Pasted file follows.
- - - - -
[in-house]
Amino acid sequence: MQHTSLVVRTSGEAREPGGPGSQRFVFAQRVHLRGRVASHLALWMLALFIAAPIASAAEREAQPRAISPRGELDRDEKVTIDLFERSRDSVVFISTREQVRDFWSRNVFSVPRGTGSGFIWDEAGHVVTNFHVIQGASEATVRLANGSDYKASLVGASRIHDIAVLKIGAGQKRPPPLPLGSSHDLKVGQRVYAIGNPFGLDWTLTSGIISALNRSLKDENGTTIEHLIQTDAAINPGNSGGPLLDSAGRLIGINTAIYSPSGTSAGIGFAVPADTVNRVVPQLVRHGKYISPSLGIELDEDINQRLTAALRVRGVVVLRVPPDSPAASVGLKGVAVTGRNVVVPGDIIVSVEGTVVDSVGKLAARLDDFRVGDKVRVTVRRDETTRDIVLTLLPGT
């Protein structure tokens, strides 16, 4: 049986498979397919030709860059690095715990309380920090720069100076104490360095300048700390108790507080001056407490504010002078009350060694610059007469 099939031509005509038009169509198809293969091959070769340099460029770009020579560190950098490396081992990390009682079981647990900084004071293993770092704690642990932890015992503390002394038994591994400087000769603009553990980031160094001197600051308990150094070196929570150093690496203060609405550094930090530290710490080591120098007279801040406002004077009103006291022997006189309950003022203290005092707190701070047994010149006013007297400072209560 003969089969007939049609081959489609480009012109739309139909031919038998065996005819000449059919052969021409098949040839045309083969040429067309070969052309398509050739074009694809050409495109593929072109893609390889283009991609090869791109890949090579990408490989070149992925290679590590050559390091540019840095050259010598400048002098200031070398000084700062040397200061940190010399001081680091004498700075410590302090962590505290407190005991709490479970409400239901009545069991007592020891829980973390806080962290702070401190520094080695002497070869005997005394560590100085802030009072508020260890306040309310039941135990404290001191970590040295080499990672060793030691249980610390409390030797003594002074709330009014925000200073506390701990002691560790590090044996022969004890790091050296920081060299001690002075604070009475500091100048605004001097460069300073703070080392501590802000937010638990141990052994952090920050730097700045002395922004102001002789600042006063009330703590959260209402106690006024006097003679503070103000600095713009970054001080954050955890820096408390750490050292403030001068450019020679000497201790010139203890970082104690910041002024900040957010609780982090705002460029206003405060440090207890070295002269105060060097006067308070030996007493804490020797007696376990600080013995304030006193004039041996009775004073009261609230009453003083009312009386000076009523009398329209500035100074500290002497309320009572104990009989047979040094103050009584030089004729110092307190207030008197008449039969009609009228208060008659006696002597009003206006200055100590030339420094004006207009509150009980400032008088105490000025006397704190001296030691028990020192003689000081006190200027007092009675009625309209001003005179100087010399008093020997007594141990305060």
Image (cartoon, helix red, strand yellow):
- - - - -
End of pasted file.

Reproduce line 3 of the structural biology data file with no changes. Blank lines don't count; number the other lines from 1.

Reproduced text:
């Protein structure tokens, strides 16, 4: 049986498979397919030709860059690095715990309380920090720069100076104490360095300048700390108790507080001056407490504010002078009350060694610059007469 099939031509005509038009169509198809293969091959070769340099460029770009020579560190950098490396081992990390009682079981647990900084004071293993770092704690642990932890015992503390002394038994591994400087000769603009553990980031160094001197600051308990150094070196929570150093690496203060609405550094930090530290710490080591120098007279801040406002004077009103006291022997006189309950003022203290005092707190701070047994010149006013007297400072209560 003969089969007939049609081959489609480009012109739309139909031919038998065996005819000449059919052969021409098949040839045309083969040429067309070969052309398509050739074009694809050409495109593929072109893609390889283009991609090869791109890949090579990408490989070149992925290679590590050559390091540019840095050259010598400048002098200031070398000084700062040397200061940190010399001081680091004498700075410590302090962590505290407190005991709490479970409400239901009545069991007592020891829980973390806080962290702070401190520094080695002497070869005997005394560590100085802030009072508020260890306040309310039941135990404290001191970590040295080499990672060793030691249980610390409390030797003594002074709330009014925000200073506390701990002691560790590090044996022969004890790091050296920081060299001690002075604070009475500091100048605004001097460069300073703070080392501590802000937010638990141990052994952090920050730097700045002395922004102001002789600042006063009330703590959260209402106690006024006097003679503070103000600095713009970054001080954050955890820096408390750490050292403030001068450019020679000497201790010139203890970082104690910041002024900040957010609780982090705002460029206003405060440090207890070295002269105060060097006067308070030996007493804490020797007696376990600080013995304030006193004039041996009775004073009261609230009453003083009312009386000076009523009398329209500035100074500290002497309320009572104990009989047979040094103050009584030089004729110092307190207030008197008449039969009609009228208060008659006696002597009003206006200055100590030339420094004006207009509150009980400032008088105490000025006397704190001296030691028990020192003689000081006190200027007092009675009625309209001003005179100087010399008093020997007594141990305060």